A few months ago, I crafted up a blog for Diane Crampton that I thought I should also publish here in my blog. I called it,
Recovering the Powers of Positive Possibilities – Ideas and Anchors for The Leadership Art of Reframing
Research shows that new hires rather quickly lose that initiative and spark and that they generally regress to the average morale of the group within a short period of time (Sirota Research, 2010). In other words, they had that motivation and they lost it because of how they were managed!
So, let’s talk about Recovery. If you step back from the wagon, you will see that this illustration both represents how things really work in most organizations and that it represents a whole big bunch of issues and opportunities.
Many Round Wheels are already in the wagon, so one key to identifying the issues is simple:
Don’t Just DO Something. Stand there!
In haiku, it might read something like this:
So, this is a blog around some ideas for dis-un-engaging people. The basic idea is pretty simple:
“Potential Possibility for Performance Productivity Practices Already Exist, and Square Wheels are everywhere!
Find them, Engage People, and Fix Things!
But don’t find the wheels yourself! Find the wagon pushers and have them find the wheels, identify the possibilities and implement their own solutions. The rationale is quite simple:
People resist the changes done TO them but develop ownership involvement for their own ideas about making things better.
Nobody ever washes a rental car.
People need to be engaged and the role of manager is to help remove all those things that have been disengaging them in their work. If they have some ownership of the solutions and they see possibilities for improvement, they will put forth more effort to succeed. As the two next illustrations might show, it is about motivation and active involvement:
But the reality is that the manager is an unknown factor in all this in most workplaces. Surveys show that people often feel their ideas are ignored or that they are under aversive control. They will show a lot of compliance behavior, not what we want for involvement and engagement. There is often an issue of trust. And, “Trust is the residue of promises fulfilled.” (Frank Navran)
The suggestion is that managers do a better job of simply asking for ideas for improvement and productivity and that they do a better job of listening and empowering people to actually implement those ideas. What we suggest is that you take the ideas about what is not working smoothly and reframe them into possibilities that can be implemented.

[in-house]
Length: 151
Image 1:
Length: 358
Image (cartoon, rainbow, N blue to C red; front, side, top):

If people point to something as a Square Wheel, people will naturally generate a round wheel alternative based on their cognitive dissonance. The real question is one of motivation, reflected as, “Why bother; no one cares…”
Managers need to be identified as coaches and mentors, in addition to their other roles. They need to act as if they care about improvement and about people. Managers should be looking ahead, identifying possibilities and future outcomes, and involving and engaging their staffs for the long pull ahead.
Below should be part one of your thinking about people and performance. The focus is on the front end of the process of generating higher levels of involvement and building strengths. Doing some training and some team building will allow people to develop their own ideas and potential as well as improve workplace results. We have one of the truly best team building simulations focused on alignment and performance. Click on the image below to see The Search for The Lost Dutchman’s Gold Mine.
If we continue to do the same thing, we can pretty much expect the same results.
The key is to Involve. Engage. Enlist. Align. Expect. Impact.
And generate more fun and involvement out there among the people who we depend on to get things done,
For the FUN of It!
Dr. Scott Simmerman is a designer of team building games and organization improvement tools. Managing Partner of Performance Management Company since 1984, he is an experienced presenter and consultant.
Square Wheels are a trademark of Performance Management Company
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